Adoption Awareness: advocate says stigma still exists
November is Adoption Awareness month. Global News sat down Erika Moore, a social worker with the Alberta-based agency Adoption Options. Moore says currently 160 adoptive parents are waiting to be matched with babies who need a permanent home. A private licensed agency placement costs approximately $15,000 and the average wait period for a match is three to four years.
Laurel Gregory: November is Adoption Awareness Month. What do you want to raise awareness about?
Erika Moore: I think just the option of openness in adoption. I’m often surprised how few people understand what open adoption is and that it is a viable option for someone looking for a permanent, positive plan for their child. My hope is that Adoption Awareness Month will bring that understanding.
LG: What would the range be, in how open it is and how connected they are?
EM: I think that’s really specific to the individuals and for those people to dictate for themselves what feels right for them… I would say an average open adoption would involve regular contact throughout the year on an ongoing basis. Maybe three to four times or seasonally throughout the year. However, there’s a wide range on either end of that spectrum where there might be much more regular contact or much less and that’s really dictated by the birth family as well as the adoptive family and what everyone is comfortable with.
LG: Do you think (the wait period) deters some people?
EM: It very well might. Those wait times have increased in years gone by as adoption placements have diminished over recent years. For people making an adoption plan for an unplanned pregnancy, those numbers are declining whereas the list remains about the same, so those numbers are no longer cohesive.
LG: Is that a positive thing?
EM: No, I would say it’s the opposite. It’s always our hope that our birth parent clientele – men and women who are experiencing unplanned pregnancy – are aware fully of all of their options. And it’s my worry that’s not always the case. So more and more people choose other options in pregnancy. Abortion rates are quite high. Teen and single parenting rates are quite high and I think naturally over time, adoption numbers have decreased as a result.
LG: What does the average birth mother look like?
EM: I would say that there is no average birth mother. We work with women from every walk of life, every age demographic. We’ve had birth parents as young as 12 years old and as old as into their late 40s. Quite a wide range in terms of age and places in their life. University students, teenagers, people who are already parenting other children and are placing a third or fourth child in adoption.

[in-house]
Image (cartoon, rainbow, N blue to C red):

LG: Is there a stigma about birth mothers seeking this help?
EM: Unfortunately, I do believe that there is still a negative stigma associated with adoption. I think that has a lot to do with the historic closed system and misunderstandings about how adoption truly works today and the fact that it’s a loving and positive choice made by men and women who want the very best for their child. Rather than that historic notion of “giving up,” it’s the placement with love for the best interest of their child.
LG: What kind of supports are offered to the birth mother following the birth?
EM: Adoption Options offers ongoing, life-long support as long as that individual needs it in whatever capacity she may need it. So we offer support groups… as well as individual support, one on one, and peer mentorship if that’s something that would be of benefit.
LG: In your time here, what have been some of the rewarding moments?
EM: The gift and privilege of watching families form through open adoption is a regular and outstanding highlight of my role here. Seeing people work so beautifully together and with that child’s best interest at heart is always magical to watch and a definite highlight for me. Further to that, seeing birth parents make a choice of autonomy, strength and love – one they can feel really good about and move forward in their lives, feeling supported, proud of their decision and having that ongoing connection with their child – is a really special thing.
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